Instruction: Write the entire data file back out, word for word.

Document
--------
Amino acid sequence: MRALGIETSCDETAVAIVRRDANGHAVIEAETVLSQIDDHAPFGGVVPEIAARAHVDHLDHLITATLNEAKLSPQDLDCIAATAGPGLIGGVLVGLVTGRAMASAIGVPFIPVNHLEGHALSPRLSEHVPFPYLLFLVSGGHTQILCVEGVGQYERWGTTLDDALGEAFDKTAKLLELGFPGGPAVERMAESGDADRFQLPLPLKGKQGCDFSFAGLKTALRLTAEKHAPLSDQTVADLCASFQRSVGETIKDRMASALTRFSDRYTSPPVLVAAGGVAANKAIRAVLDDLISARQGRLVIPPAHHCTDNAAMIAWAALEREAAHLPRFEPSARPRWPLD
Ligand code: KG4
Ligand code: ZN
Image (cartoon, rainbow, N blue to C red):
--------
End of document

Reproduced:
Amino acid sequence: MRALGIETSCDETAVAIVRRDANGHAVIEAETVLSQIDDHAPFGGVVPEIAARAHVDHLDHLITATLNEAKLSPQDLDCIAATAGPGLIGGVLVGLVTGRAMASAIGVPFIPVNHLEGHALSPRLSEHVPFPYLLFLVSGGHTQILCVEGVGQYERWGTTLDDALGEAFDKTAKLLELGFPGGPAVERMAESGDADRFQLPLPLKGKQGCDFSFAGLKTALRLTAEKHAPLSDQTVADLCASFQRSVGETIKDRMASALTRFSDRYTSPPVLVAAGGVAANKAIRAVLDDLISARQGRLVIPPAHHCTDNAAMIAWAALEREAAHLPRFEPSARPRWPLD
Ligand code: KG4
Ligand code: ZN
Image (cartoon, rainbow, N blue to C red):